Repo Man (1984) - The sort of Californian punky low-budget SF that Alex Cox used to harp on about on Moviedrome, that I never liked. The difference is this was actually made by Alex Cox.

Creator (1985) - Bland dramedy with Peter O'Toole doing mad scientist.

Dead End Drive-In (1986) - Brian Trenchard Smith makes the thing look great, but the thirty five year old Ned Manning is possibly one of the oldest and oldest looking teenagers in film.  He's almost a post apocalyptic Timothy Lumsden. The world though feels convincing. But the plot is weak, and the cast aren't great.

Blue Velvet (1986) - A load of darkly lit, slow, confusing, all-over-the-place nonsense. At least, Wilmington looks nice. I know it is David Lynch, so I shouldn't be moaning about how it doesn't make sense, but it feels random, swirling between a nightmare and a bland teen drama.

The Blob (1988) - The thing is the effects are great, but miring it in 80s teen movie hell kills it for me.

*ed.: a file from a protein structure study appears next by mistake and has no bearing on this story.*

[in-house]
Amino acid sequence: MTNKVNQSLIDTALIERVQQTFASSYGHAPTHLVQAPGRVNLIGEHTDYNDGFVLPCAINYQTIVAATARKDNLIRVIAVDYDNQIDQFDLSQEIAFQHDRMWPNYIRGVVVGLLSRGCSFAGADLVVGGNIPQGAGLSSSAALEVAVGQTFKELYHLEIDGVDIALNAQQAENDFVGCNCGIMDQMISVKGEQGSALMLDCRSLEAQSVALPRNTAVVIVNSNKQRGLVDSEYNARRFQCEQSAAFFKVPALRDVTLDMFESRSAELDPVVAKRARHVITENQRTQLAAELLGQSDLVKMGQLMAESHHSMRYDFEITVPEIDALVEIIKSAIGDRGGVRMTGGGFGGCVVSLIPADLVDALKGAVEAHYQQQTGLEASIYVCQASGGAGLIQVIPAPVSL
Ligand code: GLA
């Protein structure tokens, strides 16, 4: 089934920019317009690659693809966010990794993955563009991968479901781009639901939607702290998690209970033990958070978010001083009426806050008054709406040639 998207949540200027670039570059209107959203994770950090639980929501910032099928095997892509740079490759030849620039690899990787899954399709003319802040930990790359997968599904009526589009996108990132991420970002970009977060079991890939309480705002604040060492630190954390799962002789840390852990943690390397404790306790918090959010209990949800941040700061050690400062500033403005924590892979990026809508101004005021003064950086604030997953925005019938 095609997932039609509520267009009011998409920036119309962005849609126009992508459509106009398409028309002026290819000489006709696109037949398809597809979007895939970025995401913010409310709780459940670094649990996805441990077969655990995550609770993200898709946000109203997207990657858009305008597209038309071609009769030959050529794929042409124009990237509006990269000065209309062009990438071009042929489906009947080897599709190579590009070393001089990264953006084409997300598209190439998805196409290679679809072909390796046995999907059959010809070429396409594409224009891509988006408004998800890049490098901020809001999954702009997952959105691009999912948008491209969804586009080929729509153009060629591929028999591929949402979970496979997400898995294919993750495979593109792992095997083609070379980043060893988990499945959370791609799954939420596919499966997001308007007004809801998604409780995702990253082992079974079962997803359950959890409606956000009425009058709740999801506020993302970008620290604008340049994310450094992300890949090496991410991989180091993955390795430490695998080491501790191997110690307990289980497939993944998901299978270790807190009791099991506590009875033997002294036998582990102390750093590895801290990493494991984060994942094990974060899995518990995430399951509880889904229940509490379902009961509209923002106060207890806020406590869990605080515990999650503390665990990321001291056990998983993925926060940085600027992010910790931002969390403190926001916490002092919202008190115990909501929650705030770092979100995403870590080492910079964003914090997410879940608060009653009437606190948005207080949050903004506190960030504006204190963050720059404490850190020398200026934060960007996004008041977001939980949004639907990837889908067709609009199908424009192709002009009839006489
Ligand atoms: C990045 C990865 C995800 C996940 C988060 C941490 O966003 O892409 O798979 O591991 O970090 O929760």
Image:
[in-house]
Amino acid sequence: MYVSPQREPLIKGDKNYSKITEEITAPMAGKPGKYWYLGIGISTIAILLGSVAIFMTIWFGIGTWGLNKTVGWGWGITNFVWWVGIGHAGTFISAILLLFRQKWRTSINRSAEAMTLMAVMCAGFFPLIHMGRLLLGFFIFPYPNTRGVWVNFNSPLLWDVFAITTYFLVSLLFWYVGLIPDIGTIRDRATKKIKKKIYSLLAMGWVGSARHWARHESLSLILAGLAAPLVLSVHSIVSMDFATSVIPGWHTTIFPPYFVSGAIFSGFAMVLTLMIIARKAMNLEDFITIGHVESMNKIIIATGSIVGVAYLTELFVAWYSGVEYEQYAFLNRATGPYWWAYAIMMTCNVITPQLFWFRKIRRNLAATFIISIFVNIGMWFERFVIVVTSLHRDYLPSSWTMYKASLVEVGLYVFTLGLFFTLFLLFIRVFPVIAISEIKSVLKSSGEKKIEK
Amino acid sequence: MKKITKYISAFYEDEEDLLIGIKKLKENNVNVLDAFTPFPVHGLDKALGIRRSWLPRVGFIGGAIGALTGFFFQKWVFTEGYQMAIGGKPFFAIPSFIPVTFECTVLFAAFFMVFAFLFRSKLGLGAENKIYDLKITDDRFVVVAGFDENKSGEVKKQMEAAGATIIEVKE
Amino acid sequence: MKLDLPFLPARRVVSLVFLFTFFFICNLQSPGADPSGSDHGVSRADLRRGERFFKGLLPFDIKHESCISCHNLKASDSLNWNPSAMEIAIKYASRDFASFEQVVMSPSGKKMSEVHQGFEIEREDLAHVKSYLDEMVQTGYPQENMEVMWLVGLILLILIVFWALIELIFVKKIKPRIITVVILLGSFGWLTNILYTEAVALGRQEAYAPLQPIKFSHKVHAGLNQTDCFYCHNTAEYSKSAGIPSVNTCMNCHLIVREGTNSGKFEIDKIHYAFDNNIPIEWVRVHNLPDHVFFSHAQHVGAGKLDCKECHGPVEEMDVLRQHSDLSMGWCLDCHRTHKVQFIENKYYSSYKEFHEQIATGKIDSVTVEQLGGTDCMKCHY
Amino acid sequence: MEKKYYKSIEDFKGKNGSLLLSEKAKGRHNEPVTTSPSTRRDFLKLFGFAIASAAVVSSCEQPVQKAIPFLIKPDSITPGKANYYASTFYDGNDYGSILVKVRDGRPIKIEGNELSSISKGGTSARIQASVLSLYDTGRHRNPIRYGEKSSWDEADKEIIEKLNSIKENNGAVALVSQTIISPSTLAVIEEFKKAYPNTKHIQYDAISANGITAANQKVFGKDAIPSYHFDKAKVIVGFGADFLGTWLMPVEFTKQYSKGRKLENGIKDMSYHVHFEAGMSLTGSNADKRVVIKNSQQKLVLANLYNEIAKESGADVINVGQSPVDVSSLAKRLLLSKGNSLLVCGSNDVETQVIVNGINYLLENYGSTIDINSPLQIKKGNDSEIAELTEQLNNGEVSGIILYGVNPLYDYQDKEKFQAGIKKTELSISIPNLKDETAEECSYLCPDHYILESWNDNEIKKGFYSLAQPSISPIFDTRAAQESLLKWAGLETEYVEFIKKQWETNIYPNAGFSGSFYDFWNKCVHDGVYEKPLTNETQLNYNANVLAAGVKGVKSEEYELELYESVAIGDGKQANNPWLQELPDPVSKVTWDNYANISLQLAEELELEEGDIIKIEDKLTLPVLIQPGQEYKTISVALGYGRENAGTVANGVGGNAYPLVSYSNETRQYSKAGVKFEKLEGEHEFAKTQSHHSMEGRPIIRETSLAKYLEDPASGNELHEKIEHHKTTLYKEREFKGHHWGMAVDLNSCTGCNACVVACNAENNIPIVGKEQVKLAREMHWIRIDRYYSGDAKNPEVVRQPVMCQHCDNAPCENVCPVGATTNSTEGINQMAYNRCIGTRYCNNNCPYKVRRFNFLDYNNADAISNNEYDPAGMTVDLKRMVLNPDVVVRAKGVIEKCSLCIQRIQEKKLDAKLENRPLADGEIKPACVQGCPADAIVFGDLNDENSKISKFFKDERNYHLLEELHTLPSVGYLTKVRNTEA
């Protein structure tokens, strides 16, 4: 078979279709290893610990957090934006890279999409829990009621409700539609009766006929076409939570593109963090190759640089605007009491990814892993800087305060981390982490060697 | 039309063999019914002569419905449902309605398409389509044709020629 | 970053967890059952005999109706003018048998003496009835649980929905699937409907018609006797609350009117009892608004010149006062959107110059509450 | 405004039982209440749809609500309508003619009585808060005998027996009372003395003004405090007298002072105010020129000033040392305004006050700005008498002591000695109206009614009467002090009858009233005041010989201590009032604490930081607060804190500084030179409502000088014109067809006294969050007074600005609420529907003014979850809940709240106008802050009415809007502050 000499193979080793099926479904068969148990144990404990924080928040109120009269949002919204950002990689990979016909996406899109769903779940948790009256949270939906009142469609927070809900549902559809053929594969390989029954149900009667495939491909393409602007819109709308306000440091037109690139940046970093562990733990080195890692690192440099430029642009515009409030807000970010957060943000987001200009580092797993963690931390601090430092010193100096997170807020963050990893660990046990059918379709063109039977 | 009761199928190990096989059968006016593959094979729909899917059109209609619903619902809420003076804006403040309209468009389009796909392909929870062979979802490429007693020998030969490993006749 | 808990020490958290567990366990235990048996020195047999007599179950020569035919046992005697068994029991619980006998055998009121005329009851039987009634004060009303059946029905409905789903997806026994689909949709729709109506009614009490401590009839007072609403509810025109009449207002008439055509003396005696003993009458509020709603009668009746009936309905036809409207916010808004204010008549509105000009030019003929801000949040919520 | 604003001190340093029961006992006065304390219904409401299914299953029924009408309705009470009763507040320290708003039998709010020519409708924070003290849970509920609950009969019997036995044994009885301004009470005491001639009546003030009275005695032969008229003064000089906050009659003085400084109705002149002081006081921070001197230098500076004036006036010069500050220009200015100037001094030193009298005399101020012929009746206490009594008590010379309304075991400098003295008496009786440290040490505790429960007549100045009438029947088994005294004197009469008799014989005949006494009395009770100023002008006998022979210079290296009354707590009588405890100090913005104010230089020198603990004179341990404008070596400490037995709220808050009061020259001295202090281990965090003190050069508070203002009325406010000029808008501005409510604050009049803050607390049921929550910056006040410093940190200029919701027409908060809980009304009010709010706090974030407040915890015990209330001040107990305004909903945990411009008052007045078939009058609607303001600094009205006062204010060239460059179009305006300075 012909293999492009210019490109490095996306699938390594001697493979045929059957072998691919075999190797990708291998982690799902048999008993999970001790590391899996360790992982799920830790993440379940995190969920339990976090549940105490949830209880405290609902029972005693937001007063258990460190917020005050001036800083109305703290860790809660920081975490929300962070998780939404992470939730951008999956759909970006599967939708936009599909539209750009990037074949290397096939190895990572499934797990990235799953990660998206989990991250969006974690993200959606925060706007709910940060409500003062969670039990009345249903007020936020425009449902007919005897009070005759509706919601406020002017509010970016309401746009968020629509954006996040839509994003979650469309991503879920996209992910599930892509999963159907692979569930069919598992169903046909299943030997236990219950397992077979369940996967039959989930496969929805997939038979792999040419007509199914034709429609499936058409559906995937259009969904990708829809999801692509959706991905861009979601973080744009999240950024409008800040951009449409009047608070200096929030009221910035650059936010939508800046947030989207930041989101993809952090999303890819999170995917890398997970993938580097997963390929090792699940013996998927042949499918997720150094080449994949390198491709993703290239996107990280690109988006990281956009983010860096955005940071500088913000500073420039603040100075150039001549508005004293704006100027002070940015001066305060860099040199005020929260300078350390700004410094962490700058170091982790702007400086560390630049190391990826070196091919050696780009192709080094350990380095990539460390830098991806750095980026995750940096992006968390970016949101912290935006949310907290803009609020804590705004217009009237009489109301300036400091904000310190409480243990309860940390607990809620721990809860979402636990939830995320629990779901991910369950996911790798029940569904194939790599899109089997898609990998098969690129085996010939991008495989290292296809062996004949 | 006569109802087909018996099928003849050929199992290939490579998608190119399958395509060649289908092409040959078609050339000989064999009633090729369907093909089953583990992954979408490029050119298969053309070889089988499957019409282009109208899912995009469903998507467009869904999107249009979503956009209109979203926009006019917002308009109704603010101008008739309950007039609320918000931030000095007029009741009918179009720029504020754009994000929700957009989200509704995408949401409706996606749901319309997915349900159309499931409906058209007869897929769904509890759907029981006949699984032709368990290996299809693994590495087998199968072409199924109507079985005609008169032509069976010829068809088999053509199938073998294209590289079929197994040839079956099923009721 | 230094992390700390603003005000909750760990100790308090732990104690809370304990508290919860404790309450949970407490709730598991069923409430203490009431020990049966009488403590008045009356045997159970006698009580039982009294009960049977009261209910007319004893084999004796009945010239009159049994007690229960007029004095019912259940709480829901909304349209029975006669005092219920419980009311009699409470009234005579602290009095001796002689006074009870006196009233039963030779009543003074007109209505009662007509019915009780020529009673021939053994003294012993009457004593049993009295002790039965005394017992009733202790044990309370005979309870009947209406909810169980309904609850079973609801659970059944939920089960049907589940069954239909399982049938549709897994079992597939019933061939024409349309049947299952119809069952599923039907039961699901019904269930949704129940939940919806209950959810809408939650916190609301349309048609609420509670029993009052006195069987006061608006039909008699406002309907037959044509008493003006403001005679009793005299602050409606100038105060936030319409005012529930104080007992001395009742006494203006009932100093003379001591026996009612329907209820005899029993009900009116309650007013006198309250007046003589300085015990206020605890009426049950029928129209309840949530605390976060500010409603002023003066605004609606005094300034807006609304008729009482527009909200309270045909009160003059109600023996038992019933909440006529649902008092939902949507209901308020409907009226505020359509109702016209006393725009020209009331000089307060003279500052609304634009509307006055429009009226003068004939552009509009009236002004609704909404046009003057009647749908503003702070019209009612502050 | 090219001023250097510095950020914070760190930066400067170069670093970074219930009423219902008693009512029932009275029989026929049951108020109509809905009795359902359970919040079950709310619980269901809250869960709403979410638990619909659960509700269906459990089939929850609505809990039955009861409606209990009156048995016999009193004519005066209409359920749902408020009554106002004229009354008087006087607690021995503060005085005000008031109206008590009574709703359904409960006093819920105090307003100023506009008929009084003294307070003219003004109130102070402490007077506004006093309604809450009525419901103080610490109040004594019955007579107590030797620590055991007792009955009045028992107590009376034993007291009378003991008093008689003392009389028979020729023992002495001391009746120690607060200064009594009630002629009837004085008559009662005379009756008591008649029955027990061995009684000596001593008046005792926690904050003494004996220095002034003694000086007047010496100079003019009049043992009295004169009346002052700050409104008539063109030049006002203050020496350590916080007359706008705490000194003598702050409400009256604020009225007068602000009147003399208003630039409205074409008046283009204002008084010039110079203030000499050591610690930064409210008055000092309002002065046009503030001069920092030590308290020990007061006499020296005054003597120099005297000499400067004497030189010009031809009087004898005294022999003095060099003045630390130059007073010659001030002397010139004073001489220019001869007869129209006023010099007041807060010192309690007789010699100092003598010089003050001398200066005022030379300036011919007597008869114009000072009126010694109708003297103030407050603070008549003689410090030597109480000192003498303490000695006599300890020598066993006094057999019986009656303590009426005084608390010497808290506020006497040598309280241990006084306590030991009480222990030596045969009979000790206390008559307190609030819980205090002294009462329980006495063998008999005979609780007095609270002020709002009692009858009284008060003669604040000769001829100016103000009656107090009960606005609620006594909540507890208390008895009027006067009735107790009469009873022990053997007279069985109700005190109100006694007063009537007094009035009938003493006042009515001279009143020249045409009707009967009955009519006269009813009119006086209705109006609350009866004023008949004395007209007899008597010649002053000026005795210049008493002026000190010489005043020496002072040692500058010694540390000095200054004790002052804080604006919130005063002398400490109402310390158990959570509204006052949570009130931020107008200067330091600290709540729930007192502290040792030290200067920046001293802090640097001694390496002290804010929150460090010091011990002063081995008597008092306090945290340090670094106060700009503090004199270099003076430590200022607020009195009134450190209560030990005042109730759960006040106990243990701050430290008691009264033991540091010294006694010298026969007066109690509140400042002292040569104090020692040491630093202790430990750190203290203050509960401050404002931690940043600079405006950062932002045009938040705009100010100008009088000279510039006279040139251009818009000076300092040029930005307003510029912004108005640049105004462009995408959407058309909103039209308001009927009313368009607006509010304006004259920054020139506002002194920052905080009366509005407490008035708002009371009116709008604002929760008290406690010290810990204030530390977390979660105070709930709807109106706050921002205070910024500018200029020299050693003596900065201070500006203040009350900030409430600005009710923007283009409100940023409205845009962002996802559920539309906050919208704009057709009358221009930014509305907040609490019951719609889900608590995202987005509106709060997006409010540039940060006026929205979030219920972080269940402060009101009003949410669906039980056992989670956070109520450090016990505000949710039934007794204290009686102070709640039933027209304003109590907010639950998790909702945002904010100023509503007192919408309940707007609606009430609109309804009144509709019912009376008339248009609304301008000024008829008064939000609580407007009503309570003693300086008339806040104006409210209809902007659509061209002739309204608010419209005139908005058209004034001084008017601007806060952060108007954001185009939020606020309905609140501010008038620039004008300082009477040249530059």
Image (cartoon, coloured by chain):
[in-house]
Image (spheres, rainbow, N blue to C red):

Amsterdamned (1988) - The bits on the canals have some nice humour. But aside, it's like a bad episode of Derrick. The look of the killer is interesting, though.

Miracle Mile (1989) - The power in the story is seeing how it works.

Bloodmoon (1990) - Veteran British cameraman Alec Mills directs this Fanta ad esque Aussie slasher featuring an absurdly fruity Leon Lissek as headmaster, but little else. One can detect that this is the style Mills used for his work on Press Gang, rather than on the Bonds.

Evil Ed (1995) - Swedish horror, dubbed with American accents. Has American producers who read Halliwell's. Is sleazy, full of PJ and Duncan types. Only the Fat Gremlins provides light relief. This gore-comedy isn't my forte, bar the work of Peter Jackson, obviously.

METROPOLIS (2001) - I do not get anime, but I really wanted to see this as a kid. Anime dubbing style annoys me. None of the voices sound like real people. Too exaggerated. This is overstylised, based on a comic by Osamu Tezuka based on the film. Little survives of Lang.

Hard To Be A God (2017 - B/W) - Starts off promisingly, but drops the mock-doc edge for a piece of "arty" post-Soviet Jabberwockyesque techno-medievalist nonsense.